Houlihan’s Dakar Diary: Stage 3

Andrew Houlihan

Australian Andrew Houlihan is competing in his second Dakar event. Speedcafe.com is proudly one of Houlihan’s sponsors and he will be filing a Dakar Diary for us each day to give readers a real insight into the world’s toughest event.

Stage 3 was shortened due to heavy rain around Al Artawiyah, reducing the special stage by around 100km. It was a blessing for Andrew Houlihan, who is still suffering from his high-speed crash in the sand a day earlier.

He is now 112th overall, and 85th in the Rally 2 subclass.

CLICK HERE for Stage 3 Bikes report

Today’s diary entry

I’m happy to have made it to the end of Stage 3.

It was a cold and long ride to the start of the special stage, around 260km in the dark. The route was changed because of the flooding around Al Artawiyah.

But, once we got into the stage, there were some very fast, open sand tracks which made the day go quick. There were also a quite a few rocks hidden in the sand which you had to be super careful of.

There was nothing too difficult today. There were a lot of dunes and a few big ones but I was very careful and slow.

When I crashed yesterday, I had to get assistance from another rider to get my bike back upright and I didn’t want to have to stop someone again if I fell today. So, I was grateful for a shorter and easier day.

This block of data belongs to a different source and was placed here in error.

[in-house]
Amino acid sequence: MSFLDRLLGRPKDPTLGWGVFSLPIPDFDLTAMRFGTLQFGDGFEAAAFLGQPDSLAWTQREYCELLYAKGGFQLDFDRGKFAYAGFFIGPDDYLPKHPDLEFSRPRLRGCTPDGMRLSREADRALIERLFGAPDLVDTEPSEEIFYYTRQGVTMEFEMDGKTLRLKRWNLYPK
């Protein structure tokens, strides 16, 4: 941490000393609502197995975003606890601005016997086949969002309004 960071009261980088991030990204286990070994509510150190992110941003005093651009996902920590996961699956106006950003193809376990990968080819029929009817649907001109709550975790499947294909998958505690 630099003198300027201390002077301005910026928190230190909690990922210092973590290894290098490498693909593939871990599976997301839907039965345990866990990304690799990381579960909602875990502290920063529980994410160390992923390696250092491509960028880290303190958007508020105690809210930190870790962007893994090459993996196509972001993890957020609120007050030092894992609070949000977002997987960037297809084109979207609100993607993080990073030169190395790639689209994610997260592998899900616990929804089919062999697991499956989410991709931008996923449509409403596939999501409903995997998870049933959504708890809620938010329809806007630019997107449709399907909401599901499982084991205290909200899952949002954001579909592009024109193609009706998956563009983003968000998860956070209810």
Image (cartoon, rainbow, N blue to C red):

I got back into the bivouac at about 3:30 feeling exhausted, and then the afternoon ritual kicked in – food, shower, massage, more food, another light massage and then much-needed sleep.


I managed 86th in the Rally 2 group today, which keeps me 85th in the group. I think we’re still sitting around 112th overall in the combined GP and Rally 2 groups. That’s OK, especially at this stage of the rally. We keep saying it – there’s a long way to go yet!

We’ve been here in Al Qaisumah for two nights, and tomorrow we ride to Riyadh.

It’s a fairly long day and the longest special of the entire rally, around 465km and we should start hitting rocky sections tomorrow. But once we’re there we spend four nights in the same bivouac, including the rest day.

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